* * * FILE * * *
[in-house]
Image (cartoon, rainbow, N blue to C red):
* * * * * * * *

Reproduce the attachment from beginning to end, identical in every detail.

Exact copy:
[in-house]
Image (cartoon, rainbow, N blue to C red):